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3 min

Choosing a Liberal Party president

Xtra asked candidates what they would do to reach out to queer Canadians

Sheila Copps
At its 2011 biennial convention, starting Jan 13, the Liberal Party membership will elect a new president who will be responsible for helping the party rebuild over the coming years.
 
Xtra asked each of the five candidates what they think the Liberals needs to do to reach out to queer Canadians.
 
Sheila Copps: First of all, it has to actually have a strategy. At the moment, we’ve moved mountains on public policy, and we’ve never actually told anybody about it. One of the things that I’m actually doing is encouraging the creation of the GLBTQ caucus, and we’ve been working with . . . [Brad Lister, who] has just set one up. I’m looking for a way to create the momentum for a national GLBTQ caucus in the context of the Liberal Party, and that’s one of the reasons that we’re kicking off the convention with a party at Mercury Lounge, and we have Dixie Landers coming on Friday night [Jan 13].
 
We’re actually looking at setting up a tour office as far as the party goes and doing a lot more outreach, so we would actually be at Pride parades and different things in a more organized fashion, because people choose to be there individually, but it’s not organized. The party leaves it up to every individual, and what we’re trying to do is have a more concerted approach to public policy, and it’s certainly an area that can differentiate us from the current government, for sure.
 
Mike Crawley: What I’ve seen going on in Toronto in the past couple of months is an organization that’s formed – not like a commission. I don’t think we need necessarily more commissions, but a GLBT caucus, they’ve called it.

They’re starting to reach out to other ridings across Toronto and trying to reach out beyond Toronto, as well, to create other chapters, so they’re both an opportunity for those in that community to get together, but it’s also, more importantly, a way to give voice to some of the concerns, issues and priorities of that community, so that they can be better heard within the Liberal Party.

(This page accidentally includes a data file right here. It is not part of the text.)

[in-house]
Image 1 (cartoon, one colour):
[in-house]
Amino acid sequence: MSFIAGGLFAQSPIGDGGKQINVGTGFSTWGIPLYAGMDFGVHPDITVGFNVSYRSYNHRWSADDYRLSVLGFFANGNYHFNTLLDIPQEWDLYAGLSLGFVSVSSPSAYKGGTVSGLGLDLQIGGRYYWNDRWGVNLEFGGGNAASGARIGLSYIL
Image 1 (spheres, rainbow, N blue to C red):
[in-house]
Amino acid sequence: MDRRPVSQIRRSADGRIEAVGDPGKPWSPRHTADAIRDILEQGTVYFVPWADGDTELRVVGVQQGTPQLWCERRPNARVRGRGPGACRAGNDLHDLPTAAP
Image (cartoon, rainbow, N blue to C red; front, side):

It’s also a chance for the Liberal Party to reach out to that community to people who maybe are involved with other parties, or more likely not involved in politics in general and say that right now, there is no more open a party than the federal Liberal Party, particularly over the next two years, and if you want to come in and influence policy, whether it’s on issues specific to your community or broader issues, now is the time to come in.

 
 
Ron Hartling: The party really hasn’t been reaching out to anybody for a long time, and the way that I do it, and the way that worked really successfully in Kingston, was to be open, be welcoming and give people who become relevant to the community in terms of championing the issues that matter in the community, and in doing so, open up meaningful volunteer opportunities.

That’s how you engage people, that’s how you get new members, that’s how you get new volunteers, and eventually, that’s how you get new donors, because the more that people feel that they’re making a real difference, the more likely they are to increase their involvement with the Liberal Party. In terms of the GLBT community, it’s getting involved in issues that matter, and that includes GLBT issues. The party needs to reach out at two different levels – it needs to reach out nationally in terms of the policies that it promotes, but it also has to do it locally, because it’s locally where people get involved.

 
Alexandra Mendes: I believe that the party has always been a very inclusive party in terms of LGBT rights and a very big promoter of LGBT rights. We had quite a number of caucus members who have been very strong promoters of LGBT rights, both as legislative and partisan measures. I know there are some outreach initiatives right now, one of them in Toronto – there’s the LGBT caucus that has just been created, and I’m a big supporter. I’ll help in any way I can, but the outreach is also going to have to go two ways, and I think it’s been a disappointment to many Liberals that the LGBT community hasn’t been as vocal in their support of Liberals as we would have hoped they would be in past elections – if I may be so blunt. For the Liberal Party, I don’t think there’s any question of going back on a stance for the Liberal Party for the last 40 years, and that has been a steady part of our policy base when in government, and I firmly believe that we should continue that, but the outreach definitely has to be two ways.
 

Charles Ward: I just feel that we have to accept people as people, and we just go about our business that way. I have no opinions on that specifically. I don’t differentiate between people as to these different issues. It’s live and let live, and as long as everybody just treats everybody as human beings, I’m fine with that, and I think it makes life simpler.